«

»

Print this Post

Time to Order Turfgrass Preemergence Herbicdes

Time to Order Turfgrass Preemergence Herbicdes

Crabgrass plant. Photo: EDIS ENH1134

Immature crabgrass plant in turf. Photo credit: Crabgrass Biology and Management in Turf

Dr. Ramon Leon, Extension Weed Specialist, West Florida REC, Jay

So far this winter has been warmer than usual. If this trend continues, we will have weeds emerging early this spring. For this reason, it is a good idea to start thinking about the right time for preemergence (PRE) control against weeds in our sod. In general, PRE herbicides are the most common control tool for this purpose. There are multiple options depending on the weed species and the turfgrass species and cultivar. The University of Florida’s Pest Control Guide for Turfgrass provides a detailed description of herbicide alternatives, depending on the situation, as can be seen in this excerpt from the preemergence herbicide efficacy ratings chart.

The University of Florida's Pest Control Guide for Turfgrass provides a detailed description of pre- and postemergence herbicide alternatives for turgrasses. There is additional information that includes efficacy in controlling broadleaf weeds as well.

The University of Florida’s Pest Control Guide for Turfgrass provides a detailed description of PRE and Post weed emergence herbicide alternatives for turgrasses. There is additional information that includes efficacy ratings for controlling broadleaf weeds as well. (click on the graphic to enlarge for easier reading)

For optimum results, it is imperative that PRE herbicides are applied before weed seeds start germinating. Although these herbicides do not kill weed seeds, many of them will only affect seedlings that have not yet emerged. Therefore, if the application of the herbicide is done after weed seed germination and seedling emergence have started, it is likely that many weed seedlings will not be killed, and they will cause problems during the spring. Also, it is important to remember that a moderate irrigation after the application will help placing PRE herbicides at the right depth within the soil to maximize their action.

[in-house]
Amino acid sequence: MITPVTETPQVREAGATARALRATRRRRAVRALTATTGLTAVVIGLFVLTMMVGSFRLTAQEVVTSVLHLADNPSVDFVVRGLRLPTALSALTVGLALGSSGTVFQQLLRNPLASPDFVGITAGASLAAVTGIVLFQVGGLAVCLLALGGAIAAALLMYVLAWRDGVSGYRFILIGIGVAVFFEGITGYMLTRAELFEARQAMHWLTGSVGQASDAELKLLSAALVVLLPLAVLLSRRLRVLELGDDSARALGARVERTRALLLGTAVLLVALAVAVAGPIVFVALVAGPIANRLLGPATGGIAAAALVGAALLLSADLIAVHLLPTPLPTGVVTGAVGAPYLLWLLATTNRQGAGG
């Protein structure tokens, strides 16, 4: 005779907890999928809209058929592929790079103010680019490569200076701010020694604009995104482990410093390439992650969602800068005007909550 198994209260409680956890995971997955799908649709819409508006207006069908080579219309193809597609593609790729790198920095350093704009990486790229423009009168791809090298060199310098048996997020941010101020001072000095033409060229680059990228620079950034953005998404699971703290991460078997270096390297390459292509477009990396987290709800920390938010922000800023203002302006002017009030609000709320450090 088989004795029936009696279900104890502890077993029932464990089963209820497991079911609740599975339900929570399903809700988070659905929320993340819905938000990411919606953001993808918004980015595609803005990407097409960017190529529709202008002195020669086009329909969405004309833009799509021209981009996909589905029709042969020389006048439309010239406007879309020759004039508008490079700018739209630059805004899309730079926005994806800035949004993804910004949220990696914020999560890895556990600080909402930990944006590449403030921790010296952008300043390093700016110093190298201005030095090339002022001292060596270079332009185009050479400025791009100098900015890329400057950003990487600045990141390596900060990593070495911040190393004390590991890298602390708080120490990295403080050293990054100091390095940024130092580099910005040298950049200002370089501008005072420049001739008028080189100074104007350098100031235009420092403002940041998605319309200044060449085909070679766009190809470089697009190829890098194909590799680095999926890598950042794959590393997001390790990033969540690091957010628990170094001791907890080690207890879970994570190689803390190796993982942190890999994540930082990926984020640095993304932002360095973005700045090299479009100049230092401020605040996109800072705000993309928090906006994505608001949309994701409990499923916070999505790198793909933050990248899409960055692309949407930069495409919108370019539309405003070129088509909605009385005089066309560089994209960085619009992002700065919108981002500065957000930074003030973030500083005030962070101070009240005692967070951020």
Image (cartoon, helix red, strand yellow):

Recommended preemergence herbicide application date under normal Florida weather conditions. Source: EDIS ENH1134

Recommended preemergence herbicide application date under normal Florida weather conditions. Source: EDIS ENH1134

Not all weed species emerge at the same time. Their emergence timing depends on their temperature requirements for germination and growth. Crabgrass (Digitaria spp.) is a weed that can form dense populations within the turf, and for which control is more likely to be achieved using PRE herbicides than postemergence (POST) herbicides (https://edis.ifas.ufl.edu/ep395). Because this weed is one of the summer annual weed species that emerge first at the beginning of the year in Florida, it can be used as a reference for weed control timing early in the spring. Crabgrass will start germinating when the soil temperature is at least 50-55°F. For this reason, as a rule of thumb, it is recommended that PRE herbicide applications be done no later than February 1- South Florida, February 15 – Central,  and March 1 – North Florida. However, if the winter is unusually cold or warm, applications can be delayed or rushed accordingly to make sure that the herbicide is applied before seed germination begins.

Properly timing PRE herbicide applications will provide a cleaner environment during the spring helping the turf to form a denser canopy that will shade late emerging weeds simplifying weed management during the spring and summer.

For more information about herbicide options in turgrasses visit:

Crabgrass Biology and Management in Turf

Weed Management Guide for Florida Lawns

UF/IFAS Turfgrass Science website: http://turf.ufl.edu

 

PG

Author: rglg – rglg@ufl.edu

rglg

Permanent link to this article: http://okaloosa.ifas.ufl.edu/newsletters/2016/01/16/time-to-order-turfgrass-preemergence-herbicdes/